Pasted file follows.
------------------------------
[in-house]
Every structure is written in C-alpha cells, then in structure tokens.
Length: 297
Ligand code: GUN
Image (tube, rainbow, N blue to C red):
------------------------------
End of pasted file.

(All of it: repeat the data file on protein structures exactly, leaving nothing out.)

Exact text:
[in-house]
Every structure is written in C-alpha cells, then in structure tokens.
Length: 297
Ligand code: GUN
Image (tube, rainbow, N blue to C red):